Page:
It's all about the bleep
Long after their ‘80s heyday, the kind of chirpy sounds that helped make Mario and his contemporaries famous have been adopted by electronic musicians across the board, and the influence of ‘chip’ sounds has become apparent in a huge range of genres.
Many of the home computers and video game consoles of yesteryear had audio circuitry and sound chips that could be programmed (and continue to be, by hardcore enthusiasts) to pump out lo-fi tunes from their distinct-sounding hardware. The results are now known as chip music, or chiptune.
The term ‘chiptune’ was actually coined later to describe Amiga tracker music that mimicked the older 8-bit machines; however, the terms are often used interchangeably nowadays. While chip music was low quality in the technical sense, it was rich in character.
The original 8-bit machines are still prized by chip purists for the pioneering, authentic and nostalgia-inducing sounds they provide, but the producer who fancies taking the traditional route to chiptune heaven may find it hard going. You’d be looking at hunting down a few antique pieces online or at car boot sales and then figuring out how to get sound out of the things (presuming that they’re in working order). Integrating them neatly into a modern DAW setup would be a whole ’nother problem.
Thankfully, computer musicians interested in the cheap and cheerful sound of chiptune can emulate their way to victory with far less effort and expense thanks to the ubiquity of plug-in emulations. Even better, many of these are freeware made by and for enthusiasts.
While sharing musical sensibilities with those who use the classic hardware in their tunes (such as Bit Shifter and Monodeer), so-called ‘fakebit’ producers have risen as a musical force to be reckoned with. Artists such as Big Giant Circles and _ensnare_ take the lo-fi sound and combine it with the forward-thinking and intuitive production tools available to today’s producer.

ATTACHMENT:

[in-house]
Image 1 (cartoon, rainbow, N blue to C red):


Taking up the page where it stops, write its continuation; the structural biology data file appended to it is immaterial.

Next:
Although some purists would sneer at such ‘cheating’, this approach has kept the spirit of chiptune accessible and relevant in an age where the inconvenience of working with out-of-production machines might otherwise mean the gradual demise of chip sounds as compositional tools and instruments.
Click through to get a closer look at ten of the best plug-ins for any budding fakebit producer. For a complete guide to fakebit production, check out issue 180 of Computer Music magazine.
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Based on the PSG processor found in the NES and Famicom, this killer instrument boasts 30 waveforms all engineered from classic sounds. Built-in envelope control and bitcrushing effects keep it nice and tweakable.
NESPulse emulates the pulse waves generated by the NES. It’s available free in a pack with its sister VSTs, NESTri and NESNoise, which emulate the console’s triangle waves and noise. Very functional additions to your chiptune toolbox.
In terms of chiptune plug-ins, chipsounds really is the mothership. It’s based around meticulously programmed DSP-based recreations of classic and obscure chips, with some sampled content to fill it out.
A simple freeware plug-in that’s a great firstline choice when you’re after rich chiptune square waves.
A careful emulation of the Atari YM2149. Each plug-in instance recreates just a single channel of that four-channel chip, so you’ll want to load up four to hear the full YM2149 effect.
de la Mancha basic 65
A feature-rich three-oscillator synth that aims to capture the classic Commodore 64 sound. While its presets aren’t exactly functional, you can easily design some brilliant sounds by investing a little time.
Togu Audio Line TAL-Noisemaker
A decent virtual analogue can help you to make great chip sounds, TALNoisemaker is one of the best free virtual analogue synths available. It sounds amazing.
Toad is a drum machine with a difference - it comprises classic chip sounds. Ranging from functional white-noise cymbals to recognisable -up sounds from classic games, this is great for using in conjunction with your own drums.
Ichiro Toda Synth1
A freeware classic with zillions of presets available, this powerful, flexible synth sounds great and is super light on CPU. It’s ideal for basic chip sounds and so much more. An essential!